When bombs exploded at the Boston Marathon on Monday, my Facebook feed was immediately filled with urgent messages. I watched as my friends and family implored their friends and family in Boston to check in, and lamented the fact that nobody could seem to get a solid cell phone connection.Read the rest
An AT&T legal staffer inadvertently (and briefly) posted a damning internal document to the FCC's docket for the pending AT&T/T-Mobile merger. The document makes it clear that "AT&T is giving Deutsche Telekom $39 billion primarily to reduce market competition" and that the company's claims of bigger network buildouts and increased employment are utterly fictional.
Again, the reality appears to be that AT&T is giving Deutsche Telekom $39 billion primarily to reduce market competition. That price tag eliminates T-Mobile entirely -- and makes Sprint (and by proxy new LTE partner LightSquared and current partner Clearwire) more susceptible to failure in the face of 80% AT&T/Verizon market domination. How much do you think wireless broadband market dominance is worth to AT&T over the next decade? After all, AT&T will be first to tell you there's a wireless data "tsunami" coming, with AT&T and Verizon on the shore eagerly billing users up to $10 per gigabyte.Leaked AT&T Letter Demolishes Case For T-Mobile Merger (via /.)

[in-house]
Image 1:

Regardless of the motivation behind rejecting 97% LTE deployment, the letter proves AT&T's claim they need T-Mobile to improve LTE coverage from 80-97% simply isn't true. That's a huge problem for AT&T, since nearly every politician and non-profit that has voiced support for the merger did so based largely on this buildout promise. It's also a problem when it comes to the DOJ review, since proof that AT&T could complete their LTE build for far less than the cost of this deal means the deal doesn't meet the DOJ's standard for merger-specific benefits.